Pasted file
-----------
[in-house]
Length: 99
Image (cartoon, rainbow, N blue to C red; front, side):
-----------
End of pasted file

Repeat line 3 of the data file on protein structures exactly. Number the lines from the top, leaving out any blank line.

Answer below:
Image (cartoon, rainbow, N blue to C red; front, side):